Finally, with the backing knot back on the reel, I had a bit more confidence, and pushed the rod to it's absolute limit. I was only fishing 8 pound Maxima and a 9' 6 weight Winston LT (yeah, the LT stands for LIGHT TROUT), and I put as much strain on it as I dared, hoping I might get some reaction. I couldn't move it. It had stopped swimming, and as we motored closer, I cranked down, lifted up, and the fly popped out.

I was crushed, as there was nothing else it could have been except a sturgeon, and I'd dreamed of a sturgeon on a fly for a long, long time. It was noon, but I cracked a beer, and five minutes later proceeded to lose a massive shad that would have been close to the Washington State Record of 3.42 pounds. My luck had turned, and I cracked a second beer.

We pulled off the water at 3 pm, as we'd been out since 5 am and the shad bite was off. Dropping the boat off at the campground, we set off to do a bit of exploring. We found a copy of the regs, explored a small stream that was opening the next day, and drove back to camp. It was a relatively early night, but I forgot to set the alarm clock, and when we woke up the next morning, it was 8 am, too late for shad fishing. Instead we headed off and spent the morning fishing a small creek, returning to the campground at 1 pm to pick up the boat and head home...

worldanglr
http://www.worldanglr.com/

Calling Fly Fishing a hobby is like calling Brain Surgery a job.
-Paul Schullery
 
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Man, you were right in my backyard. That's a tough place to fish when it gets windy. My wife caught a huge carp right off that boat dock a couple years ago. It was quite a fight considering the current and the fact that she had a little 5'6" Ugly Stick with 6lb. test. You can wade around the corner to the West and usually pick up a few smallmouths if the current isn't too strong. I was a little further East on Friday and managed two good carp and numerous bass and bluegill on big brown PT nymphs in a little lake by Stevenson. Funniest thing was giving my best "Cross his eyes" hookset to a 5" bluegill that grabbed my fly while I was casting to a carp. Bluegill on a 7wt, now that's a challenge. Hope you enjoyed the area and the fishing, the gear guys really clear out once the salmon and shad cool down. Thanks for the carp advice, what a blast. The two I caught were only about 22" but they sure were fun. I almost cut my fly line in half though when the first one went under my boat right by the oar lock. Drop me an e-mail next time you're in the area, the snow is melting off the high lakes and I'm ready for some hiking/fishing plus the streams are open and the summer steelies are showing up in the EF Lewis and Kalama. My summer class schedule gives me Fri-Tue off.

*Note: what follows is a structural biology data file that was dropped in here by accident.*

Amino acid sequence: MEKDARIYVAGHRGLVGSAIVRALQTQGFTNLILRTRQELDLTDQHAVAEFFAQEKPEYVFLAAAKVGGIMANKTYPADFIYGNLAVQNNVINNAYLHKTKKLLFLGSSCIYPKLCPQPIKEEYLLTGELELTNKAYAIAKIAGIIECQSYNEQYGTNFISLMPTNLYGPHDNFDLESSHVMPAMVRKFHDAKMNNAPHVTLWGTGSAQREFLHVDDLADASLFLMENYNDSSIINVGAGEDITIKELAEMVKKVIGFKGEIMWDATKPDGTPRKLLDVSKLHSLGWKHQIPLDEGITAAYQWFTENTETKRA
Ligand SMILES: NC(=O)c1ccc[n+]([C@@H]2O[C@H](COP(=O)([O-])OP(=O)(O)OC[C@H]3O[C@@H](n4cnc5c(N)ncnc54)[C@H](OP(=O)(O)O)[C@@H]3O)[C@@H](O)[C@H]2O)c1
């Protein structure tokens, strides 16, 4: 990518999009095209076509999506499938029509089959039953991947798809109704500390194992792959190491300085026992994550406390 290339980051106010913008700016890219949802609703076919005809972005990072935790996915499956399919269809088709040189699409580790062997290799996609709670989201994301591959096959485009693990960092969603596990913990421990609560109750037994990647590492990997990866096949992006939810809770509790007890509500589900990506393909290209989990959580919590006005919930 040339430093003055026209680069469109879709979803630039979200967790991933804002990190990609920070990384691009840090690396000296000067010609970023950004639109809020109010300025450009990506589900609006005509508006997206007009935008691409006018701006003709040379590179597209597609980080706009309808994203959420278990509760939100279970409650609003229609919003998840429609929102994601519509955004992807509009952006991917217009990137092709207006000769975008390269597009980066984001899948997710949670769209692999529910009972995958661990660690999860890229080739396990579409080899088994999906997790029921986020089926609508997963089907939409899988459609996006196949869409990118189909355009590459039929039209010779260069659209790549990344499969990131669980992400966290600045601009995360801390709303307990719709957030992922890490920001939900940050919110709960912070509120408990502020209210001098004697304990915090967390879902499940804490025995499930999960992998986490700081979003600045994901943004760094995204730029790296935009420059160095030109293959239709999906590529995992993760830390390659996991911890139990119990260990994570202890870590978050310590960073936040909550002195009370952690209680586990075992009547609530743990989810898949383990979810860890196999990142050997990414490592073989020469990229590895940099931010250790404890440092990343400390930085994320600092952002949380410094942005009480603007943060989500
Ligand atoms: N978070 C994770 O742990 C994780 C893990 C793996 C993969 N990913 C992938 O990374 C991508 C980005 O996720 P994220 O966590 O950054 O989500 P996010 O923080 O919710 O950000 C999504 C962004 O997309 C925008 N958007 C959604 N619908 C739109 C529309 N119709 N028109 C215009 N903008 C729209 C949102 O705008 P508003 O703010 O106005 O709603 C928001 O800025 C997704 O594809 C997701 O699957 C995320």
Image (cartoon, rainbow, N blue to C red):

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Another nice report! Great pictures on your site as well! I checked out the article on shad last week and was definitely interested in it. Do you think an eight weight would be overkill to fish for shad with? I only have a couple of 5 wieghts and an eight with a Rio Multitip. Just curious on your guys thoughts.

Keep the reports coming!
Bill
 

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Good report worldanglr! Glad to hear that you got into some - they are fun.

When I hit them a couple weeks ago - I started casting my rio type 8, but wasnt getting down. You were fishing the right water from the sounds of it. To beat the current/depth problem, we switched to SA deep water express and was basically lob casting them upstream, letting it drift and sink right past the boat and letting the line straighten behind the boat. This method proved lethal! We were changing flies back and forth every 30 minutes or so and after the color change, fishing was hot for a little bit and then switch again and it was hot again. Glad you had guys got some. They are a fun fish to bend a rod with. J
 

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Discussion Starter · #7 ·
My six was definetally too light for both the wind, and the sturgeon I hooked. An eight would not be too much for those shad, they fight great!

Next time we're down there Big Ben, we'll give you a call, we scoped out a bunch of lakes around Stevenson, looking for carp, but didn't find much of anything that was of too much interest, looks like we must have overlooked it! Glad to hear you got into a few carp...

worldanglr
http://www.worldanglr.com/

Calling Fly Fishing a hobby is like calling Brain Surgery a job.
-Paul Schullery
 

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Discussion Starter · #9 ·
Roper,

Well, um, uh, that's a shad. ;)

It's a rainbow, but I was unable to determine if it was a resident small stream fish or a steelhead smolt. Alpinetrout caught a larger specimen that he said looked like a resident fish, and I caught another larger one around 8" which flopped back into the pool while photographing, so I'm not sure.

The guidebook and regs stated that there were wild and hatchery cutthroat in the stream, as well as steelhead runs during December/February, but we were unable to find the cutthroat, even when we fished in the upper section above a few barriers.

worldanglr
http://www.worldanglr.com/

Calling Fly Fishing a hobby is like calling Brain Surgery a job.
-Paul Schullery